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Trove CEO Explains Why Brands Like Lululemon and Patagonia are Reaping Rewards From His Resale Solution

Trove CEO and founder Andy Ruben sees a bright future for resale.

His company, which just secured an additional $77.5 million in Series D funding, powers resale operations for brands such as Lululemon, Patagonia, REI, Nordstrom, and more. In his role, he’s seen firsthand the benefit of a brand having an in-house method for upcycling used products through their own company.

As Ruben explained it, “Brands have to be there. The companies that neglect to join the secondhand wave could face an “existential threat,” he said.

The secondhand market is set to more than double in size to $77 billion over the next five years, according to ThredUp’s 2021 Resale Report released in June. As peer-to-peer resale platforms like Poshmark and Depop gain popularity, some brands are looking to power resale for their products on their own terms. This is where Trove comes in.

Trove offers brands the logistics, operations, and technology to handle resale of their products. A consumer looking to resell a brand’s products can do so in stores or on the brand’s website. From there, a product gets shipped to Trove’s 80,000-square-foot facility in Northern California, where items are processed, catalogued, photographed, listed on a brand’s own website, and ultimately shipped out to a buyer in the brand’s packaging.

For the consumer, Trove never actually makes an appearance in the resale process. It’s all coming from the face of a brand like Lululemon or Patagonia. To Ruben, that’s exactly the point.

“It’s important for brands to own this themselves,” he said. “It’s not sufficient to just participate in a thrift store.”

Ruben believes that it is important for a brand to design, market, and control its own resale arm to maximize customer loyalty, retention, and acquisition. Trove is there to take care of logistics in the background.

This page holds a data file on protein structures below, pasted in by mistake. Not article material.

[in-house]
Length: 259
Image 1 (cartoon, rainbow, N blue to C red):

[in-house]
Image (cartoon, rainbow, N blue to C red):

“Patagonia’s the only one who can really do Patagonia right,” he said. “You can’t expect to outsource that and just participate in a marketing partnership where someone does this for you.”

In the last three years, Trove has tripled its number of checked in and listed items. Ruben projects that brands in the program will eventually see their resale arms constitute between 10% and 20% percent of annual revenue, Ruben projected.

In 2021 alone, Trove has had partnership queries from nearly 150 brands, about a third of which are potentially suitable. To be a good fit, Ruben said a brand should sell durable items that maintain desirability.

Other players are taking note of the resale trend as well. Urban Outfitters said last week it will launch its own resale marketplace for shoppers to buy and sell men’s, women’s and kids’ clothing. PacSun and Burberry also have their own resale programs. ThredUp, a leading thrifting site, has facilitated resale arms for multiple retailers via its “resale as a service” platform. In July, ThredUp said that it plans to acquire Remix, a major European fashion resale site, in an effort to expand its operations internationally.

Whether via Trove or other means, the same positive factors are fueling the continued growth of the resale market.

“It’s driven by value, by sustainability, and getting rid of this stigma from years ago about preowned items,” Ruben said.

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